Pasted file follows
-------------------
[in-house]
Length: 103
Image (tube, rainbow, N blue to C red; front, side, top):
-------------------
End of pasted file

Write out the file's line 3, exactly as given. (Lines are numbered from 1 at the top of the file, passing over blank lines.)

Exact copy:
Image (tube, rainbow, N blue to C red; front, side, top):